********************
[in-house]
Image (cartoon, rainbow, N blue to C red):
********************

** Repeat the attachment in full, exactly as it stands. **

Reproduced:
[in-house]
Image (cartoon, rainbow, N blue to C red):